But twenty years ago, public art in Raleigh found no truly charismatic defender, and the cause of public art still suffers from a fear of such negative political voices in many communities.
Numerous cities have embraced the cause of public art to great success. Forward thinking communities now see that the beautification of their towns goes hand-in-hand with the revitalization of downtown communities, and enhances the environment for business.
With the renewed attack on the NEA from within Congress, the NEA has lacked a truly charismatic defender at this moment of greatest need. To the dismay of artists everywhere, President Obama has failed to demonstrate a support for the arts, and he has allowed the NEA to go without an appointed chairperson for the better (or worse) part of a year. As if this wasn’t bad enough, the National Endowment for the Humanities has also been leaderless since the spring.
This is unacceptable. The NEA needs a public voice that can lobby Congress and speak with passion in the press about the value of the arts in America. After all, the arts in America lead to over 4 million jobs for our citizens. This is a crucial public issue.
But it is more than that. The next generation is at stake. Scientific research is released on a nearly weekly basis that demonstrates that arts studies for our young people lead to enhanced test scores, lower crime, greater success for individuals, and prolonged mental and physical health.
Our nation cannot afford to neglect this critical issue any longer.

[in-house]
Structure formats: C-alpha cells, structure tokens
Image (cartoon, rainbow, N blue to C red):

At the 2013 ICSOM Conference in Kansas City, the delegates passed a resolution, sponsored by the Governing Board, calling for President Obama to appoint a new chairperson for the NEA.
In my opening address to the ICSOM Conference, I said: “ICSOM played a role in the creation of the NEA, and we must not stand idly by while it is dismantled….Today we call upon President Obama to appoint a chairperson for the National Endowment for the Arts, and to appoint a charismatic and effective leader who can help fulfill the vision articulated by President Kennedy fifty years ago when he said, ‘I see little of more importance to the future of our country and our civilization than full recognition of the place of the artist.’”
The resolution passed by the delegates will be meaningless unless we raise our collective voices. Today, I ask you all to send respectful messages to President Obama calling on him to appoint a new Chairperson for the NEA and urging his public support for the agency. I ask you to share this message with your friends, colleagues, students, and family members. Let today be the day that the White House hears from the orchestral musicians of America. You can reach President Obama by writing at this link: www.whitehouse.gov/contact/submit-questions-and-comments.
I also urge you to contact your Congressional representatives and send them this strong message. This effort can only be effective if we respond in large numbers; we need every orchestral musician in America to reach out. Possible advocacy points include:
- The arts in America lead to over $135 billion in annual economic activity.
- The arts in America lead to over 4 million jobs.
- Every dollar the government invests in the arts returns seven dollars to the community.
- The arts are widely recognized as critical to the education of the next generation of Americans, and conducive to the health of our nation’s citizens.
- America’s orchestras are recognized among the finest in the world, and play a crucial role in the cultural, economic, and educational health of our nation’s cities.
Hopefully, by the time you read this, President Obama will have appointed a chairperson for the NEA. And, hopefully, it will not be too late to save the agency. But regardless of the actions of this ineffective Congress, our advocacy must continue. Our livelihoods depend on how effective we can be, and the next generation of Americans will benefit from our efforts.